Post -by Gautam Shah
Most experienced speakers, stage actors and musicians (vocal and instrument players) have an innate or learned capacity to improvise their output immediately on encountering a new space. They readjust -their output according to the audio response from the nature of space.
The Nature of Space is determined by several objective and Subjective factors.
The objective factors are the size, scale, shape and form (hard vs soft surfaces) of the architectural space. Other objective factors include degree of echoes or reverberation in the space, quality of public address system, location and direction of the speaker or musician, etc. The occupancy or crowding in the space, and the nature of garments, furniture and furnishings also affects the perception of sound. The background noise seeping to the speaker or performer’s area and the audience, or to the listener (in small gatherings) could be very different. This means that a performer may not perceive the audience or listener’s environment. Only way to sense this is through the recognition of behavioural responses. Experienced speaker or performer raises the voice and change the tonal quality, and if there is a longer reverberation, the pauses are widened and delivery stretched in time.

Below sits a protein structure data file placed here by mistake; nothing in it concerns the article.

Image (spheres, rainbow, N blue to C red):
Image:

Speaker or performer sense the space and focus the address to that part of the audience, where Sound delivery is perceived to be inadequate. The performer use enlarged body language and dress movements to supplement the Sound.
The Art of Noises (Italian: L’arte dei Rumori) is a Futurist manifesto written by Luigi Russolo in a 1913. Russolo argues that the human ear has become accustomed to the speed, energy, and noise of the urban industrial sound-scape. He proposes a number of conclusions about how electronics and other technology will allow futurist musicians to ‘substitute …. infinite variety of timbres in noises, reproduced with appropriate mechanisms.
Russolo states that noise first came into existence as a result of 19 C machines, before this, the world was a quiet, if not a silent place. The prominent noises were of storms, waterfalls, and tectonic activity. The noises were not loud, prolonged, or varied. Russolo claims that music has reached a point that no longer has the power to excite or inspire. It still sounds old and familiar, leaving the audience. Wide arrays of noises are taken for granted, yet (potentially) musical in nature.
The variety of noises is infinite. If today, when we have perhaps a thousand different machines, we can distinguish a thousand different noises, tomorrow, as new machines multiply, we will be able to distinguish ten, twenty, or thirty thousand different noises. He wants musicians to pay attention to noises and their complexity.